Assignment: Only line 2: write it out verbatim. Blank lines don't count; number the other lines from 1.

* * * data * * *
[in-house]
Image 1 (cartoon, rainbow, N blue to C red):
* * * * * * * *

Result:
Image 1 (cartoon, rainbow, N blue to C red):